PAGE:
For most women, their engagement ring is something that they have dreamt about since they were quite young, but for most men, they only become a consideration when they are thinking about proposing to their intended.
It is perhaps understandable that, for many people, the thought of choosing an engagement ring is almost as daunting as the proposal itself. That’s why we created this guide to choosing an engagement ring; it will be an indispensable must-read guide if you are thinking of making a proposal of marriage.
What is the symbolism behind an engagement ring?
There is a lot of symbolism involved with an engagement ring both in its shape and in the precious stones.
Obviously, rings are circular in shape to fit comfortably on the finger, but did you know the symbolism of the circle in relation to engagement rings? Circles as a shape have no beginning and no end which is a symbol of eternal love, perfection and completeness.
Perhaps the most popular style of engagement ring is the Solitaire ring, which contains one precious stone, usually a diamond. The symbolism of one stone has the meaning one true love, whilst the diamond stone itself signifies purity, commitment and eternity.
Traditional and Contemporary Styles of Engagement Rings
The Solitaire engagement ring, a ring set with one main gemstone, usually a diamond, is the most popular style of engagement ring. Whilst you might think this traditional style would leave all engagement rings appearing much the same, there’s still plenty of choice in traditional and more contemporary styles of engagement ring.
Your choice of a traditionally styled ring or a modern style will most likely be guided by the personality of your intended. Pictured below are a traditional style ring in platinum and a modern style ring in yellow gold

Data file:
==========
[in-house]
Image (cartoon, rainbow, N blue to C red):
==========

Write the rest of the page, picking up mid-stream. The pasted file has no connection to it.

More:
A traditionally styled, round cut, diamond solitaire ring set in platinum.
A contemporary styled, round cut, diamond solitaire ring set in yellow gold.
If you would like something completely unique, many jewellers offer a bespoke jewellery design service. We spoke with Paul Henderson of Wave Jewellery (www.wavejewellery.com) about bespoke jewellery design. He told us “We offer a wide choice of classic and modern styled engagement rings here at Wave, but bespoke jewellery is becoming increasingly popular and something that we really enjoy providing for our customers.” “It’s really rewarding working through the stages of a bespoke design with a customer. Seeing their reaction when we show them their finished piece of unique jewellery is a very special experience indeed.”
How much is traditionally spent on an engagement ring?
Whilst some suggest that it is traditional for the groom to set aside 1 to 3 months’ salary for the engagement ring, the amount you spend on your engagement ring will depend on a number of things including the type, number and size of the stones, the precious metal that the band of the engagement ring is made from and ultimately, your personal budget.
Research by insurance company Liverpool Victoria (www.lv.com) in 2011 found that the average value of engagement rings listed separately by policyholders was £1131. The average UK wage in 2011 was £26,000 which is approx £1,700 per month take home pay. So this suggests that most grooms-to-be don’t spend quite as much as one full month pay on their engagement ring.